John Glover Roberts Jr. (born January 27, 1955) is an American lawyer and jurist, serving since 2005 as the 17th chief justice of the United States. Roberts has authored the majority opinion in several landmark cases, including National Federation of Independent Business v. Sebelius, Shelby County v. Holder, and Riley v. California. He has been described as having a conservative judicial philosophy but, above all, as an institutionalist. He has shown a willingness to work with the Supreme Court's liberal bloc, and after the retirement of Anthony Kennedy in 2018, he had been regarded as the primary swing vote on the Court. Roberts is no longer the median vote since the appointment of Amy Coney Barrett to replace Ruth Bader Ginsburg in 2020.
|17th Chief Justice of the United States|
|Assumed office |
September 29, 2005
|Nominated by||George W. Bush|
|Preceded by||William Rehnquist|
|Judge of the United States Court of Appeals for the District of Columbia Circuit|
June 2, 2003 – September 29, 2005
|Nominated by||George W. Bush|
|Preceded by||James L. Buckley|
|Succeeded by||Patricia Millett|
|Principal Deputy Solicitor General of the United States|
October 24, 1989 – January 1993
|President||George H. W. Bush|
|Preceded by||Donald B. Ayer|
|Succeeded by||Paul Bender|
|Associate Counsel to the President|
November 28, 1982 – April 11, 1986
|Preceded by||J. Michael Luttig|
|Succeeded by||Robert M. Kruger|
John Glover Roberts Jr.
January 27, 1955
Buffalo, New York, U.S.
|Education||Harvard University (AB, JD)|
Roberts grew up in northwestern Indiana and was educated in Catholic schools. He studied history at Harvard University and then attended Harvard Law School, where he was managing editor of the Harvard Law Review. He served as a law clerk for Circuit Judge Henry Friendly and then-associate justice William Rehnquist before taking a position in the attorney general's office during the Reagan administration. He went on to serve the Reagan administration and the George H. W. Bush administration in the Department of Justice and the Office of the White House Counsel, during which he was nominated by George H. W. Bush to the U.S. Court of Appeals for the D.C. Circuit, but no vote on his nomination was held. Roberts then spent 14 years in private law practice. During this time, he argued 39 cases before the Supreme Court. Notably, he represented 19 states in United States v. Microsoft Corp.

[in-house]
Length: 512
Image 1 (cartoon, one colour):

Roberts became a federal judge in 2003, when President George W. Bush appointed him to the U.S. Court of Appeals for the District of Columbia Circuit. During his two-year tenure on the D.C. Circuit, Roberts authored 49 opinions, eliciting two dissents from other judges, and authoring three dissents of his own. In 2005, Bush nominated Roberts to the Supreme Court, initially to be an associate justice to fill the vacancy left by the retirement of Justice Sandra Day O'Connor. Chief Justice William Rehnquist died shortly afterward, however, before Roberts's Senate confirmation hearings had begun. Bush then withdrew Roberts's nomination and instead nominated him to become Chief Justice, choosing Samuel Alito to replace O'Connor.